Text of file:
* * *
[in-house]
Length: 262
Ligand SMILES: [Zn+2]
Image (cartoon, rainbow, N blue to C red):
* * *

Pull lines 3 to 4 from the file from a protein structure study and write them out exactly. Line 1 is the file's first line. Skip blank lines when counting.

Ligand SMILES: [Zn+2]
Image (cartoon, rainbow, N blue to C red):